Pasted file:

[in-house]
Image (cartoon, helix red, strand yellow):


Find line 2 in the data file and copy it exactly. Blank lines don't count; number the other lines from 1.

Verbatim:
Image (cartoon, helix red, strand yellow):